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(Adult ADHD)

By Dr. Peter W. Kujtan, B.Sc., M.D., Ph.D.

Article printed on page 15 in the April 1-2, 2006 issue of The Mississauga News under the feature: Health & Wellness, Medical Matters.
Portrait of Dr. Peter W. Kujtan, supplied 2005
Dr. Peter W. Kujtan

We all probably know of at least one, but have met many such individuals. Do you know of someone who has trouble fitting it? They often speak first without thinking, are unable to sit still, and can be very disruptive in social situations. They tend to make mistakes for lack of concentration, have little regard for time, seem forgetful, easily distracted and frequently lose things. These are some of the characteristics that define Adult Attention Deficit-Hyperactivity Disorder (A-ADHD). The reason it is not a disease is that there is no known biochemical abnormality associated with this group of symptoms that can be tested for, nor does it lead to other health problems. A-ADHD is very difficult to diagnose as it relies on careful observation, close scrutiny and insight on the part of the patient. People who have various groupings of these characteristics can be further subdivided. As many as 5% of adults may exhibit some form of this disorder.

People with A-ADHD tend to interpret the rules of society in their own special way. They tend to be oblivious to the observations every one else makes. For this reason, it becomes difficult for them to fit into social situations. There are three key features of this disorder. First is inattention, whereby it is difficult to maintain concentration on a given task. Skipping from task to task while completing none is common and results in a great deal of frustration, because enormous time is spent on trivial tasks and major ones are left unfinished. Inattention means they cannot follow instructions, and tend to lose things or forget where they put them. The second feature is hyperactivity. This means being on the go with almost inexhaustible energy or continuous feeling of "being on the edge". These are the fidgety sitters who talk continuously and can be seen making inappropriate movements and gestures. The third feature is impulsivity manifested by blurting out statements or an inability to wait their turn whether it is at the supermarket, washroom or gas station. They interrupt and disrupt without realizing it. In adults, this is seen more as disinhibition, since they tend to realize it a little bit more than children. To be considered A-ADHD, the features must cause disruption in more than one sphere of their lives and be continually present for more than six months. A wrecked marriage and drifting from one job to another are common examples. Many psychiatrists believe that features of the disorder are present in childhood and continue into adulthood. Some adults diagnosed with the features appear to be underachievers, but it really depends on what you use as a measuring stick. Most A-ADHD sufferers have above average intelligence quotients.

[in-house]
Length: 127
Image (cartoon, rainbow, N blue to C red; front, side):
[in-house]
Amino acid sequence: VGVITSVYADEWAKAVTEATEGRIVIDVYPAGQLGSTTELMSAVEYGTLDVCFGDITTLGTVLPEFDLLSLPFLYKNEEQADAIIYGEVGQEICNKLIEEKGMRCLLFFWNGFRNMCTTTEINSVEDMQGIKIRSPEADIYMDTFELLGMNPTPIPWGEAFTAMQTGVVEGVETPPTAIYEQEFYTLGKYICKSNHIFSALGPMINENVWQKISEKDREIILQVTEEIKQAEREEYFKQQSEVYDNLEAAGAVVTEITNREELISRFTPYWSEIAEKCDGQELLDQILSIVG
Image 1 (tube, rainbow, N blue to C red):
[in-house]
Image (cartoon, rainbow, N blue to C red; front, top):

To diagnose A-ADHD takes a great deal of time, insight and judgment. Rating scales and questionnaires have been developed to aid in this regard. The only reason to treat the disorder is to allow afflicted individuals to better function in society. A-ADHD seems to be genetically associated. If you are diagnosed, there is a much higher chance that a brother or sister also has these features. One of my favorite theories about the disorder suggests that ADHD is a genetic trait that was favored and naturally selected in "warrior" societies. It would certainly be advantageous to have armies full of energetic, intelligent, quick-moving, uninhibited and loud warriors. It is no secret that modern armies also attract these individuals. To keep such armies in control requires constant discipline, drilling and structure. Interestingly enough, these same disciplinary measures help children who exhibit ADHD to stay focused on their daily tasks. Sadly, some adults never accept the diagnosis and rarely recognize that they stand out. Others have discovered that alcohol and street drugs can modify symptoms and may end up becoming addicted by accident. This complicates the physician's ability to make a diagnosis.

Understanding A-ADHD is perhaps the key to recognizing and accepting it. We all have some aspects of the various features that I have described. If you have made it this far into this article, congratulations, you probably do not have A-ADHD. Almost 50% of adults who think they have the disorder do not meet the criteria.

Related resources:
Adult attention-deficit disorder from Wikipedia, the free encyclopedia. (Adult ADD, Adult ADHD, or AADD) is informal terminology commonly used to describe the neurological condition "attention-deficit hyperactivity disorder" (ADHD) when it occurs in adults. Prior to 1987, ADHD was formally known as ADD under the DSM-III issued in 1980. It has been estimated that about eight million adults have ADHD in the United States.
Attention Deficit Disorder (ADHD) Test. Jasper/Goldberg Adult ADD/ADHD Screening Quiz by Larry Jasper & Ivan Goldberg.
Adult ADHD: An overlooked problem by Randy Dotinga, HealthDay, from USA Today. ADHD is estimated to affect as many as 7% of American children, as well as 2% to 4% adults.
Attention-Deficit/Hyperactivity Disorder: ADHD in Adults from MedicineNet.
The Prevalence and Correlates of Adult ADHD in the United States: Results From the National Comorbidity Survey Replication by Ronald C. Kessler, et al. From American Journal of Psychiatry, April 2006. Despite growing interest in adult attention deficit hyperactivity disorder (ADHD), little is known about its prevalence or correlates.

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